Insurance News

Tech Solutions Becoming More Integrated, Consulting Firm Says

Posted on: February 19, 2010

Insurer technology demands are shifting from traditional standalone applications, tools, data and services to integrated solutions, according to a technology consulting firm.

That finding came from Boston-based Strategy Meets Action (SMA) as part of its Insurance Ecosystem Research Series reports.

The firm?s study of technology solution trends identified an increasing need for convergence within the IT vendor space. “As insurance IT solutions continue to evolve, data and analytical tools/engines are increasingly being leveraged to create offerings with more strategic impact on the business,” Mark Breading, SMA partner and co-author of the report, said in a statement.

Speaking to NU Online, Mr. Breading said there are still IT solution providers who will provide only a claims system, for example, or only pure data, such as a producer licensing list. Others may provide some type of IT tool, rating engine, or rules engine. ?But more and more,? he said, ?[providers] are trying to figure out how to combine data, tools and applications.?

He noted that insurers have had to figure out how to combine data, tools and applications anyway, but now vendors are trying to gain a competitive edge by combining it all themselves into complete solutions.

Insurers have responded positively, Mr. Breading said, to the availability of more complete solutions. He noted that tier-one insurers still like to create unique solutions for themselves, as they have unique needs and big IT staffs. But lower-tier insurers, he said, cannot afford to create the solutions themselves and are more receptive to the complete vendor solutions.

He also said vendor solutions are about even with insurer expectations to date, but added, ?Admittedly, it?s a fragmented and confusing marketplace.? He noted there are almost 500 vendors providing just property and casualty solutions, and it can be hard to keep track of all of the offerings, mergers and acquisitions, and alliances.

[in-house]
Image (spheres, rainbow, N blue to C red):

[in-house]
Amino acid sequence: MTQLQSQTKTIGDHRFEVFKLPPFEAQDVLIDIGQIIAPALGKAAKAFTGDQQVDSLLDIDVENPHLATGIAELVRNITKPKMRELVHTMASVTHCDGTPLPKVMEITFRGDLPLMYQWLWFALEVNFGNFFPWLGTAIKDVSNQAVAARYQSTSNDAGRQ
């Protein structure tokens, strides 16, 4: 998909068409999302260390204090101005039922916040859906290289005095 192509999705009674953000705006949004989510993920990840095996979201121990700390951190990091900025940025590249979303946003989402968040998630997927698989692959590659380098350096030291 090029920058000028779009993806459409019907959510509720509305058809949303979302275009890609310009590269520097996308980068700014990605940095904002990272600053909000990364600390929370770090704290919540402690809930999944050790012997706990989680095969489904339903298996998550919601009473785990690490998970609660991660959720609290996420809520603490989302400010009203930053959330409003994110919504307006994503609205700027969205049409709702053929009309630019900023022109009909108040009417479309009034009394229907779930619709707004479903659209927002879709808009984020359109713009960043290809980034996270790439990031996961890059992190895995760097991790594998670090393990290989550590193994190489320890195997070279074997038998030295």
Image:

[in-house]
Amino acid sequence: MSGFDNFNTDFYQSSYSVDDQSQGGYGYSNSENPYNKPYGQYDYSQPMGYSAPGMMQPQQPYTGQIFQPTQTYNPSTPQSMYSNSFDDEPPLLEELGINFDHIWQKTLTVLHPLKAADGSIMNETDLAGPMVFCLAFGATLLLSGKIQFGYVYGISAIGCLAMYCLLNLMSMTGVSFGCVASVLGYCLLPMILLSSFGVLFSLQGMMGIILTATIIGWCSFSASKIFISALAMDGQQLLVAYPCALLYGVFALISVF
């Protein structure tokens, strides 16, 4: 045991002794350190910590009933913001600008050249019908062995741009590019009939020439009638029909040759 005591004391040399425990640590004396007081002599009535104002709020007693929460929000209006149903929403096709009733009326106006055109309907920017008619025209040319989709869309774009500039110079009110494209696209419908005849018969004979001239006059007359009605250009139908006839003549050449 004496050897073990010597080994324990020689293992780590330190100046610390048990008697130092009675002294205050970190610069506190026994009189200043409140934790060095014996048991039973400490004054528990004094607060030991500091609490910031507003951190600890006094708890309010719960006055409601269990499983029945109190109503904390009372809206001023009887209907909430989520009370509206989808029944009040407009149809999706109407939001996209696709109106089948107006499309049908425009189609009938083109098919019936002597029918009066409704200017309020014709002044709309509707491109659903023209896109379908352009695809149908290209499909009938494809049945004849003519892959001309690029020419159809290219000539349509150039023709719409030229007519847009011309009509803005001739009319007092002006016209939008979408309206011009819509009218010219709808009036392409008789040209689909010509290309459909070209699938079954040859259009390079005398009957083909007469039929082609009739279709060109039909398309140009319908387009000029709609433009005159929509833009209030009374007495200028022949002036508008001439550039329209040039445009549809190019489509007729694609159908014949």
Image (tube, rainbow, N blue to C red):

Vendors need to better explain their offerings and services, Mr. Breading said. ?The need is there on the insurer side,? he stated, and providers are improving their offerings, but there is a ?misalignment? in the understanding of what exactly is in the marketplace.

Looking forward, Karen Furtado, SMA partner and report co-author, said in a statement, ?We expect to see significant changes in the IT provider landscape over the next three years, in both the evolution of the offerings and the nature of the technology companies. More consolidation will occur in the core areas such as underwriting, policy services and claims. New entrants, new types of product offerings and new partnering models are expected across the value chain with a high focus on marketing and distribution.?

NU Online News Service, Feb. 17, 3:40 p.m. EST

Insurer technology demands are shifting from traditional standalone applications, tools, data and services to integrated solutions, according to a technology consulting firm.

That finding came from Boston-based Strategy Meets Action (SMA) as part of its Insurance Ecosystem Research Series reports.

The firm?s study of technology solution trends identified an increasing need for convergence within the IT vendor space. “As insurance IT solutions continue to evolve, data and analytical tools/engines are increasingly being leveraged to create offerings with more strategic impact on the business,” Mark Breading, SMA partner and co-author of the report, said in a statement.

Speaking to NU Online, Mr. Breading said there are still IT solution providers who will provide only a claims system, for example, or only pure data, such as a producer licensing list. Others may provide some type of IT tool, rating engine, or rules engine. ?But more and more,? he said, ?[providers] are trying to figure out how to combine data, tools and applications.?

He noted that insurers have had to figure out how to combine data, tools and applications anyway, but now vendors are trying to gain a competitive edge by combining it all themselves into complete solutions.

Insurers have responded positively, Mr. Breading said, to the availability of more complete solutions. He noted that tier-one insurers still like to create unique solutions for themselves, as they have unique needs and big IT staffs. But lower-tier insurers, he said, cannot afford to create the solutions themselves and are more receptive to the complete vendor solutions.

He also said vendor solutions are about even with insurer expectations to date, but added, ?Admittedly, it?s a fragmented and confusing marketplace.? He noted there are almost 500 vendors providing just property and casualty solutions, and it can be hard to keep track of all of the offerings, mergers and acquisitions, and alliances.

Vendors need to better explain their offerings and services, Mr. Breading said. ?The need is there on the insurer side,? he stated, and providers are improving their offerings, but there is a ?misalignment? in the understanding of what exactly is in the marketplace.

Looking forward, Karen Furtado, SMA partner and report co-author, said in a statement, ?We expect to see significant changes in the IT provider landscape over the next three years, in both the evolution of the offerings and the nature of the technology companies. More consolidation will occur in the core areas such as underwriting, policy services and claims. New entrants, new types of product offerings and new partnering models are expected across the value chain with a high focus on marketing and distribution.?

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